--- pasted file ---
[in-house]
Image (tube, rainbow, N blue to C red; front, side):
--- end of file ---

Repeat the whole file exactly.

[in-house]
Image (tube, rainbow, N blue to C red; front, side):